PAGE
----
Gender-bending “Twelfth Night” adaptation opening Friday at Pentacle dives into identity

The final dress rehearsal for “Twelfth Night,” scheduled to run Friday through May 14 at the Pentacle Theatre. (Courtesy/Vicki Woods)

Isaac Joyce-Shaw was 11 years old when he performed in his first show at Salem’s Pentacle Theatre.

Joyce-Shaw, 27, is now one day out from opening night of the third show he’s directed, a rendition of Shakespeare’s “Twelfth Night,” at the Pentacle.

The show opens Friday and runs through May 14.

It’s a story that begins with two siblings, Viola and Sebastian, aboard a ship that is caught in a horrible storm and sinks. They and the few survivors wash up scattered across the coast of a region called Illyria.

Viola – played by Sanaya Forbes – disguises herself as a man and gets a job in the court of the Duke, taking on the name Cesario. In doing so, the character ends up exploring a different version of themselves and their ideas of gender.  

Meanwhile, Sebastian is rescued by another man and the pair become lovers. He also meets many of the same people as Cesario, they get confused for each other and “hilarity ensues,” Joyce-Shaw said.

What distinguishes the show from Shakespeare’s play, he said, is it doesn’t shy away from the themes of identity exploration that are more glossed over in the original text.

Joyce-Shaw said the show also features contemporary pop, hyper-pop and EDM music, with a modern production and video design that helps audience members visualize the auditory experience.

“This is not your stodgy Shakespeare interpretation,” said Lisa Joyce, executive director of the Pentacle and Joyce-Shaw’s mother.

The final dress rehearsal for “Twelfth Night,” scheduled to run Friday through May 14 at the Pentacle Theatre. (Courtesy/Vicki Woods)

Joyce-Shaw has previously done prosthetic design at the theater for actors playing Dracula, Young Frankenstein and other characters needing heavy monster makeup.

He’s also directed a comedy called “Distracted,” as well as “Murder on the Orient Express” in early 2020. The latter was one of the final shows before live entertainment was banned across Oregon during the first weeks of the Covid pandemic.

When the pandemic first hit, the Pentacle’s board of directors prioritized getting their established audiences back when selecting shows, “which meant going for productions that were more conservative,” Joyce-Shaw said. “There was some pushback from some people about, ‘Hey, maybe that isn’t the way to go if we want to develop.’ So this is kind of a show that developed out of that idea that we want to do things that are going to be a bit more inclusive in the stories they’re telling.”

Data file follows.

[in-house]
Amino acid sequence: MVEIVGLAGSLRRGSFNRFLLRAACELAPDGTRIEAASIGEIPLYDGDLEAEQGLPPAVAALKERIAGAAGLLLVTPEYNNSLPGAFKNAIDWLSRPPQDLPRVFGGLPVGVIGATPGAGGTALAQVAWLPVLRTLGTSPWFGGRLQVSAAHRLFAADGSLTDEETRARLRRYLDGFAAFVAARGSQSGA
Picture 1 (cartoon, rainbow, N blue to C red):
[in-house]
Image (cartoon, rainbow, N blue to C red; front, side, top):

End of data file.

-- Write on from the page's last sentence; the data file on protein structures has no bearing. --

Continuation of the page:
The show came together in less than six months.

Forbes, 30, said she moved to Salem around nine months ago from north Albany. She said she hadn’t been in a Shakespeare play since high school and initially found the language challenging.

She previously did plays professionally but said she’s since found more enjoyment in shows at community theaters, particularly in the Salem area where there are many.

“I love the cast,” she said. “To get to work with all these really, really talented people who are all very good at what they do and know their character super well, and getting to weave together a story with them has been a really rewarding experience.”

Sam Welborn, a 17-year-old student at South Salem High School, said he didn’t realize when he first auditioned that it would be possible for him to play his character, Feste, in the show.

He remembered Feste, the Lady Olivia’s fool, being an older bald man when he watched a film adaptation of “Twelfth Night” in school. On Monday, he dyed his hair to a turquoise color for the part.

Welborn said a difficult part of the show for him is a 15-minute-break in between scenes where he has to change into drag, putting on makeup, a giant wig, dress and fur coat.

It’s the first full-length show he’s been in where actors don’t have to wear masks on stage, which he said brings a different challenge for character development and learning how to emote.

“We’ve all got an objective. It’s very unifying,” he said. “It’s been nice to have that again.”

The show will be Thursdays, Fridays and Saturdays at 7:30 p.m., with Sunday matinee performances at 2 p.m. Doors open one hours before curtain to leave extra time for socially distanced seating.

The theater is at 324 52nd Ave. N.W. off Highway 22, about 6 miles west of downtown Salem.

Tickets for all seats are $25 and available online. Frontline healthcare workers and people with an Oregon Trail Card are eligible for a 50% discount.

The show is suitable for audiences high school and older, the website said.

Correction: This story was updated to reflect Joyce-Shaw’s correct age.

Contact reporter Ardeshir Tabrizian: [email protected] or 503-929-3053.

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